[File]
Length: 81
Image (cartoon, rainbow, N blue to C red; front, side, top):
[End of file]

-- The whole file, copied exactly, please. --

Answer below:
Length: 81
Image (cartoon, rainbow, N blue to C red; front, side, top):